Big Apple splits! Baseball found at city's core
NEW YORK — When he was growing up in Brooklyn in the 1950s, Eddie Luhrs watched his father cry as his beloved Brooklyn Dodgers lost time after time to the New York Yankees in the World Series.
"They would break your heart; it was very tough," he recalls.
The experience turned Mr. Luhrs into a rabid New York Mets fan, dreaming of the day when the Yankees would finally find out what it's like to have to crawl through a winter of ribs and taunts until spring training.
Starting on Saturday, Luhrs's dream may come true. For the first time since 1956, New York will have a "subway series," pitting the defending world champion Yankees against the upstart Mets, a team without anything like the Yankees' history.
For the city, it will be the closest thing to a civil war with neighbor against neighbor, co-workers on opposite sides of the diamond, and even politicians choosing sides. After years of jawing, the city will finally get to find out which team is king of the mound.
"It's going to get real crazy around this city," says Yankee shortstop Derek Jeter.
Even before the Yankees beat the Seattle Mariners 9 to 7 on Wednesday night there were signs the city was bracing for a wild time.
At Yankee Stadium, fans paraded with signs that read "Bring on the Mutts," while at Queens' Shea Stadium, loyalists hoisted placards reading, "Bring on da boys from da Bronx."
Outside the New York Public Library, Patience and Fortitude, the literary lions, have Mets and Yankees hats strapped over their manes. Immediately after the Yankees clinched, box seats for Game 1 were offered at a starting price of $2,250 on an Internet auction site.
Mayor Rudolph Giuliani, frequently seen wearing a Yankee hat, is already complaining that his staff meetings are degenerating into "my team is gonna beat your team" affairs. And politicians are already starting to consider ways of using the diamond as a backdrop. Last week, Senate candidate Rick Lazio worked the box seats at Shea Stadium. And Hillary Rodham Clinton once again proclaimed herself a long-time Yankees fan.
To get to the series, fans won't need to drive because, as the name suggests, a subway takes you to both stadiums. By 8 a.m. yesterday, Manhattan stores already had sold out of their first load of Subway Series T-shirts.
In a recent Op-Art cartoon in The New York Times, Yogi Berra, legendary Yankees catcher and wordsmith, gave the Mets fans directions to "Babe's House."
At the bottom of the cartoon, a Yogism: "It's not too far - it just seems that way."
Subway series in the city have a long and colorful tradition. Between 1921 and 1956, there were 13 all-New York World Series. Of course that's because New York was a baseball capital. At its height, the city fielded three teams: the Yankees, the Dodgers, and the Giants.
Yankees manager Joe Torre thinks the latest saga is different, "because the media is so much greater and the game has taken on a much larger meaning."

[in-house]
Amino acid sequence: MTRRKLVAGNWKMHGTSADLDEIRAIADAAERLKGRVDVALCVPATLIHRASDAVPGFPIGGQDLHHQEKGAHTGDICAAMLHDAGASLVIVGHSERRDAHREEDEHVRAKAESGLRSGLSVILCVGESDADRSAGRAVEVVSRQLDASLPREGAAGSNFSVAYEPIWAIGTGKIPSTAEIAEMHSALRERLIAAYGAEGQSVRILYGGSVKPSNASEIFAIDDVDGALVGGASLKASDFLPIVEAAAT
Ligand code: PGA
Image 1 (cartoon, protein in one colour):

He adds, "I have a feeling that this city is not going to be the same for the next 10 days, and maybe for some time after that."
In the past, the greatest rivalry was between the Yankees and the Dodgers. Roger Kahn, author of "The Head Game: Baseball Seen From the Pitcher's Mound," recalls the Dodgers as "a feisty and scrappy" group while the Yankees were more "corporate."
The Dodgers were the first team to hire a black player - the great Jackie Robinson - while the Yankees were slower to hire African-American players.
Today, he thinks the Mets resemble the old Dodgers. "Someone once said that rooting for the Yankees was like rooting for US Steel," he says.
In the history of the game, one of the most memorable moments came in 1956 during the last subway series. Yankee hurler Don Larsen threw a perfect game against the Dodgers to win the fifth game of the World Series.
Two years later, the Dodgers and Giants moved to California. The Mets weren't formed until 1962. Manager Casey Stengel is famous for asking during that pathetic first year, "Can't anyone around this place play the game?"
Will all that history be too much for the Mets to shoulder?
Not if you ask Brooklyn resident John Polizzano, interviewed as he browses at a Mets retail store. "We're going to win, and the Yankees fans won't be able to say 'three rings,' " referring to the Yankees' winning three out of the last four World Series.
That type of confidence has some Yankee fans worried. Kenny Jenkins, a doorman, frets that the "new kids" on the block might topple the Bronx Bombers. "If the Mets win, I'll cry for a while and learn to live with it," says the Queens resident.
But Bruce Garrison, a lawyer and long-time Yankees fan says, "I just plan on telling the Mets fans they have two more to go to catch up with us."
No matter which team triumphs, Mets fan Chris Bracone says the Big Apple is the winner.
"I know one thing - we're going to have a ticker tape parade in New York."
(c) Copyright 2000. The Christian Science Publishing Society